Jeffrey Henning’s recent listing of the 10 most popular research-related stories shared on Twitter in the past two weeks is pretty revealing. While it is great to see Reg Baker on the list with his discussion of the four-step process to response – which I also discuss in my earlier post Qualitative Research & Thinking About How People Think – as well as Reineke Reitsma and her consideration of mode effects, the list tips more heavily in favor of non-design issues. There is Tom Anderson’s commentary on responding to clients’ changing needs and how to save your research firm from “becoming road kill” (hint: it’s all about positioning!), Edward Appleton on the cheap, quick advantage of DIY research, a NY Times article on “play groups” and the “quick, affordable” choice of Facebook group discussions as replacement for traditional focus groups, and two links on text analytics including Paul Golden on the speed and potential cost savings of automated analysis.
I look at this list and wonder why it is so anemic of discussions or stories about good research design. I wonder why researchers continue with the long-standing habit of avoiding honest experimentation and debates regarding their research methods, opting instead for a discussion on how to react to clients’ needs, competitive positioning, and – the ever-popular – fast and cheap research tactics. I am left wondering if the marketing research community will ever focus less on responding to clients’ needs and more on educating clients on sound research design. I wonder if marketing research firms will ever worry less about their position in the marketplace and put more (or at least equal) effort in raising the bar on the robustness of their research methods. And I wonder if it is at all possible for marketing researchers to spend less energy on devising ways to cheat research designs in order to cave to inadequate timelines and decreasing budgets. How many more “Cheaper, Faster, Better with Quality” conferences – a MRA conference I spoke at in 1994 – do we need to sit through?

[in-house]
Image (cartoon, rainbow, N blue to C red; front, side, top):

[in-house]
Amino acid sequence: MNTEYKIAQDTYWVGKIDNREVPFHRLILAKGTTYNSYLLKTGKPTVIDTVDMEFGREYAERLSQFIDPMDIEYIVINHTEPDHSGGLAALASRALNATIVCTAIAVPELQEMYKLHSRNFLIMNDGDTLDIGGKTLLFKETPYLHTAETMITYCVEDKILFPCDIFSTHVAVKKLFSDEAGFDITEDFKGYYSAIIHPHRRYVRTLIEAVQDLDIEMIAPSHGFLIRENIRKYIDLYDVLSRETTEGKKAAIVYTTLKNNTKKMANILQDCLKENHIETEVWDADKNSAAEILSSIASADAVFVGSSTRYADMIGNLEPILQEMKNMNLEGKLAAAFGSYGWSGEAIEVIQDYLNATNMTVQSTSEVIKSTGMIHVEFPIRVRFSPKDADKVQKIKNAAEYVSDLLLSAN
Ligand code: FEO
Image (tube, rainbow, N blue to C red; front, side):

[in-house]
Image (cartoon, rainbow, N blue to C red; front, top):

The marketing research industry is jammed with talented researchers who understand great research. Yet industry researchers have historically found themselves trapped on a never-ending wheel chasing the next research assignment, sometimes at the expense of good design. By seizing the opportunity to take research design to higher ground, researchers shake off their reactionary posture – where all client requests are deemed doable and where each new variation in research mode is thrown into the increasingly-crowded toolbox without proof of rigor – and assume a leadership role. A role worthy of their abilities and one that will ultimately benefit our clients and the profession as a whole.